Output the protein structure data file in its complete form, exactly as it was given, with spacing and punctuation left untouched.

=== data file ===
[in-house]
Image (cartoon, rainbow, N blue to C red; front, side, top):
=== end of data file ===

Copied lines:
[in-house]
Image (cartoon, rainbow, N blue to C red; front, side, top):